After lagging behind the rest of the industry when it comes to electrification due to being entrenched in fuel cell hydrogen, Toyota is now announcing today a major expansion of its electric vehicle plans.
The Japanese automaker is aiming to launch 10 new BEVs worldwide by “the early 2020s” and it wants to have electric options throughout its entire lineup of cars by 2025.
The new plan is being announced today in Tokyo.
Here are the bulletpoints:
- By around 2030, Toyota aims to have sales of more than 5.5 million electrified vehicles, including more than 1 million zero-emission vehicles (BEVs, FCEVs).
- Additionally, by around 2025, every model in the Toyota and Lexus line-up around the world will be available either as a dedicated electrified model or have an electrified option. This will be achieved by increasing the number of dedicated HEV, PHEV, BEV, and FCEV models and by generalizing the availability of HEV, PHEV and/or BEV options to all its models.
- As a result, the number of models developed without an electrified version will be zero.
- Toyota will accelerate the popularization of BEVs with more than 10 BEV models to be available worldwide by the early 2020s, starting in China, before entering other markets―the gradual introduction to Japan, India, United States and Europe is expected.
- The FCEV line-up will be expanded for both passenger and commercial vehicles in the 2020s.
- The HEV line-up will also grow, thanks to the further development of the Toyota Hybrid System II (featured in the current-generation Prius and other models); the introduction of a more powerful version in some models; and the development of simpler hybrid systems in select models, as appropriate, to meet various customer needs.
- Toyota also aims to expand its PHEV line-up in the 2020s.
I don’t want to be too critical because this is a major step in the right direction for Toyota.
For too long, Its zero-emission strategy has been too heavily invested in fuel cell hydrogen, which has proved to be inefficient for passenger vehicles compared to batteries.
This marks an important change from that strategy.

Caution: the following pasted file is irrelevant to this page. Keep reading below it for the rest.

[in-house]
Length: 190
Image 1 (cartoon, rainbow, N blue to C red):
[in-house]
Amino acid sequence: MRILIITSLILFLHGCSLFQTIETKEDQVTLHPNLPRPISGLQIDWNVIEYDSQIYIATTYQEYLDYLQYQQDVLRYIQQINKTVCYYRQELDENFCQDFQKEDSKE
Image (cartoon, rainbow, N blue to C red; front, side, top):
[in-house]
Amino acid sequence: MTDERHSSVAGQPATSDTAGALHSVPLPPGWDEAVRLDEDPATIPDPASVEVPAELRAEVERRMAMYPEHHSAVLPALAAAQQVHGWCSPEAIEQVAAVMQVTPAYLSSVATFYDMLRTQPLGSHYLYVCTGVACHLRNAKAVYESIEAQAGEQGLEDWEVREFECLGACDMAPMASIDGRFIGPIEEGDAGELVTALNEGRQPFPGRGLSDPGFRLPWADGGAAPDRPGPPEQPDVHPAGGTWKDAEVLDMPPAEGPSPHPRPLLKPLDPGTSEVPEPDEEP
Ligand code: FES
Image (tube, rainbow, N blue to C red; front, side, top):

But now I am seeing another needed adjustment to their strategy: they are planning for all-electric vehicles to represent only one-fifth of their electric vehicle sales by 2030 with HEVs and PHEVs accounting for the rest.
I think that will prove to be a(nother) bad call.
Everything points to the industry going all-electric and hybrid powertrains are starting to look like bad compromises. Take Chevy’s declining Volt sales in the wake of its Bolt increases as a canary in the coal mine.
Toyota is biased toward hybrids due to its early success with the Prius, but those days are over. Automakers need to commit to fully-electric vehicles. Our review of the Prius Prime is a *prime* example of Hybrid thinking messing up BEV technology.
The transition is resulting in rapid improvements in battery technology, which is only going to increase the advantages of the batteries as the only energy storage system in cars. I mean even Toyota says that their strategy is based on launching solid-state batteries in 2020.
If they are truly able to commercialize solid-state batteries with better economics than current li-ion cells, then there’s no reason for them not to see that BEVs will represent a much better offer to consumers than hybrids.
There’s no doubt that this change from Toyota is driven by changes in regulations. It’s why their BEVs are being launched in China first where the zero-emission mandate is the strongest.
I think they need to embrace those changes instead of fighting them and change the mix of BEVs, HEVs, and PHEVs, in favor of BEVs.
With this said, again, this is a major step in the right direction for Toyota when it comes to their zero-emission strategy.
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